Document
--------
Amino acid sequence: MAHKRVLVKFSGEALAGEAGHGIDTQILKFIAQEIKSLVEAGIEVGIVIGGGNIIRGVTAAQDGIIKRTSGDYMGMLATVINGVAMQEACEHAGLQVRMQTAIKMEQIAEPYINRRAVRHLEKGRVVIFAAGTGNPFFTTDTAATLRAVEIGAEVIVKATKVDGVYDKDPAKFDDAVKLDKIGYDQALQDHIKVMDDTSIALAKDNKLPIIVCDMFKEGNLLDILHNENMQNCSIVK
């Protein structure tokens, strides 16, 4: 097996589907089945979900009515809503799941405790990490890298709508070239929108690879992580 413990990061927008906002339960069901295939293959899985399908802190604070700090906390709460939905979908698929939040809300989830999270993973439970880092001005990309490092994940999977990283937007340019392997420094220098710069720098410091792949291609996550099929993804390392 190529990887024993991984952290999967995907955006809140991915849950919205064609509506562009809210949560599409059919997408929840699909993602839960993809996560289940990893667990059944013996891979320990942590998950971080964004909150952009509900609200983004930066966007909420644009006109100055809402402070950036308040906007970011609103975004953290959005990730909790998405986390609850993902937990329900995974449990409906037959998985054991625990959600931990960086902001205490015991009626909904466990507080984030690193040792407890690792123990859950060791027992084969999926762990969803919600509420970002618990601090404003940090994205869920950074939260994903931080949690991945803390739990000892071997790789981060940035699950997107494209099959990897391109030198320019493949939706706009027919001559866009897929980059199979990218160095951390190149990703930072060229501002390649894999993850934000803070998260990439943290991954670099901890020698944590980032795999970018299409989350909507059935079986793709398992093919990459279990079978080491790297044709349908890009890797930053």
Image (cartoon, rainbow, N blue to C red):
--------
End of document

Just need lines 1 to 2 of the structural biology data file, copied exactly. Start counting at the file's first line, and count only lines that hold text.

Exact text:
Amino acid sequence: MAHKRVLVKFSGEALAGEAGHGIDTQILKFIAQEIKSLVEAGIEVGIVIGGGNIIRGVTAAQDGIIKRTSGDYMGMLATVINGVAMQEACEHAGLQVRMQTAIKMEQIAEPYINRRAVRHLEKGRVVIFAAGTGNPFFTTDTAATLRAVEIGAEVIVKATKVDGVYDKDPAKFDDAVKLDKIGYDQALQDHIKVMDDTSIALAKDNKLPIIVCDMFKEGNLLDILHNENMQNCSIVK
């Protein structure tokens, strides 16, 4: 097996589907089945979900009515809503799941405790990490890298709508070239929108690879992580 413990990061927008906002339960069901295939293959899985399908802190604070700090906390709460939905979908698929939040809300989830999270993973439970880092001005990309490092994940999977990283937007340019392997420094220098710069720098410091792949291609996550099929993804390392 190529990887024993991984952290999967995907955006809140991915849950919205064609509506562009809210949560599409059919997408929840699909993602839960993809996560289940990893667990059944013996891979320990942590998950971080964004909150952009509900609200983004930066966007909420644009006109100055809402402070950036308040906007970011609103975004953290959005990730909790998405986390609850993902937990329900995974449990409906037959998985054991625990959600931990960086902001205490015991009626909904466990507080984030690193040792407890690792123990859950060791027992084969999926762990969803919600509420970002618990601090404003940090994205869920950074939260994903931080949690991945803390739990000892071997790789981060940035699950997107494209099959990897391109030198320019493949939706706009027919001559866009897929980059199979990218160095951390190149990703930072060229501002390649894999993850934000803070998260990439943290991954670099901890020698944590980032795999970018299409989350909507059935079986793709398992093919990459279990079978080491790297044709349908890009890797930053």